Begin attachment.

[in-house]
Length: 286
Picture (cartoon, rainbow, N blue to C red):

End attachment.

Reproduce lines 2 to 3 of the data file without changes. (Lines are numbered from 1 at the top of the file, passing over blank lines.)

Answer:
Length: 286
Picture (cartoon, rainbow, N blue to C red):